Another 2 day train. Almaty - Urumqi.
I got lucky this time, the only other foreigner on the train also happened to be in my train car, a young British backpacker. It was great because I hadn't spoken English in about a week (besides to myself) and it was nice to converse again. He's chill and we spent the first night on the train chatting away and sharing stories.
Then we hit the Kazakh border post where an over-enthusiastic immigration officer was quite insistent that my documents were "Ploha" (bad) because I didn't register my visa upon entering the country.
Let's just pause to talk about the absolute stupidity of registration. All the former USSR countries have this ridiculous policy of having this tiny slip of paper that is a registration document - something with your name and shit and you have to get stamped within 5 days of entering the country. If you lose it, you're screwed. If you don't stamp it in every place you stay longer than 72 hours, you're screwed. If you don't register it within 5 days of arrival, you're screwed. For no reason whatsoever other than "because they can". And, it is a useful source of bribes.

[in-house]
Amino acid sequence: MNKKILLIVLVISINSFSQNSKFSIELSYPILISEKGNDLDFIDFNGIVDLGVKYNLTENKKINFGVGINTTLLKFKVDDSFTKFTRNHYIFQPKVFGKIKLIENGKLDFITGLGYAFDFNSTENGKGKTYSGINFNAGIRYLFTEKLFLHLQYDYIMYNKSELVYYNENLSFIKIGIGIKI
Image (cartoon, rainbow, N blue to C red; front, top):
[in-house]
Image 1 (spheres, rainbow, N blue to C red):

I didn't register my Kazakh visa.
I was screwed.
Except - I was on a transit visa and the Kazakh Embassy in London was quite clear is saying I did NOT have to register for a variety of reasons.
Max - the Kazakh border official - thought otherwise.
So, he pulled me into a little train compartment and explained to me that I was totally screwed and would be left at the Kazakh border post having to hitch hike back to the capital to register, be stuck in Kazakhstan for the rest of my life or until I can extend my visa and try again. Of course, he was trying to freak me out and I having nothing of it.
This guy's game was brutal. I saw right through it and have been pressed and prodded much harder by many African border officials, embassy officials and people who extract bribes for a living. So, I remained calm.... I may have agreed to become his second wife and eventually kissed him on the cheek but I was let off with a warning. (hehehe - I can talk my way out of anything - even in Russian).
And then, because it was just soooo much fun the first interrogation, he brought me back about 4 hours later to go through it all over again. At the border post, he guided me through a whole bunch of tiny little offices where he sat me down and expected me to stress out and freak out and give him all the money I had. But, I obviously didn't give in and some more officialdom came in, put the gears to me, said how stupid I was to not register - all the while with me explaining that I didn't have to register and I knew the drill.
In the end - it took a $20 'Thank You' for letting me off with a warning.
I'm good at bribing. My parents must be so proud.